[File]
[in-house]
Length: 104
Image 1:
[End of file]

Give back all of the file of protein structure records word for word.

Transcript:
[in-house]
Length: 104
Image 1: